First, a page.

Activated charcoal: Health Benefits, Uses, and Side Effects

Activated charcoal is a fine, odorless, flavorless black powder used since ancient times to treat various ailments. For example, it is used to safely and effectively treat poisoning and drug overdoses. It is derived from natural sources and traps toxins and poisons in the body, allowing them to be flushed out and not reabsorbed by the body. It can also help with flatulence, kidney health, and cholesterol levels.

Activated charcoal is produced through the controlled decomposition of carbon-based substances such as coconut shells or peat, which are then “activated” with gases at high temperatures.

This process removes previously absorbed molecules from the charcoal and reopens bonding sites, lowering the size of the pores in the charcoal and creating additional holes in each molecule.

It is sold in supplement and powder form and can be added to various food and household products. It is not charcoal used in your barbecue grill, as it contains many toxins and chemicals. 

Benefits and Uses

1. Kidney Health

Activated charcoal may improve kidney function by lowering the waste the kidneys must filter, especially in persons with chronic kidney disease. It may also bind to urea and other toxins, helping them pass from the bloodstream into the gut and be excreted in the stool. 

Furthermore, animal studies have demonstrated that activated charcoal may aid in the improvement of renal function as well as the reduction of gastrointestinal damage and inflammation.

2. Teeth Whitening and Oral Health

Activated charcoal whitens teeth and promotes good oral health by changing the pH balance and absorbing plaque and microscopic tidbits. It is cost-effective and an all-natural solution for a bright smile. However, no significant research supports its use for teeth whitening or oral health. Therefore, when using charcoal toothpaste, it is vital to check the ingredients for unwanted additives and only work on surface stains that can bind to them.

3. Water Filtration.

Activated charcoal is a natural water filter that can absorb and absorb various toxins, drugs, viruses, bacteria, fungi, and chemicals in the water. It effectively traps impurities in water but cannot trap viruses, bacteria, and hard-water minerals. 

According to a 2015 study, carbon-based water filtration systems eliminated up to 100 percent of fluoride from 32 unfiltered water samples following six months of installation. Fluoride avoidance and detoxification are critical for oral health, immune system function, and kidney and liver health. As a result, restricting ingestion and utilizing an activated charcoal water filter is vital.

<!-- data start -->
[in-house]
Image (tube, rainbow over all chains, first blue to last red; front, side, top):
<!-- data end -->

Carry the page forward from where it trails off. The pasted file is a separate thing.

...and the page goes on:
4. Overdose and Anti-poison Treatment

Because of its capacity to bind to many medications and reduce their effects, activated charcoal has been utilized as an emergency anti-poison treatment since the early 1800s. According to research, consuming 50-100 grams of activated charcoal within 5 minutes of taking medicine can limit an adult’s ability to absorb that drug by up to 74%. 

As a result, it is most effective in the first hour following an overdose or poisoning.

It does not adsorb alcohol but can quickly remove other toxins from the body. In addition, when taken at the same time as alcohol, it can reduce blood alcohol concentrations.

5. Reduction of Gas and Bloating

To relieve painful gas and bloating, take activated charcoal pills or powder. According to a study published in the American Journal of Gastroenterology, activated charcoal decreases intestinal gas following a typical gas-producing meal. In addition, according to a study published in UCLA Health, when charcoal is coupled with simethicone, it becomes even more effective. 

Also, consuming activated charcoal 8 hours before an abdominal ultrasound minimizes the quantity of gas in your intestines, making obtaining a clear ultrasound image easier. The EFSA recommends consuming at least 1 mg three times daily for ten days to treat intestinal gas.

6. Cleansing of the Digestive Tract

By eliminating pollutants that cause allergic reactions, oxidative damage, and poor immune system function, activated charcoal can help promote a healthy digestive tract.

It may also be able to differentiate between what should and should not adsorb, as one study found that toxin-producing strains of E. coli were more likely to be adsorbed by activated charcoal than normal bacterial flora.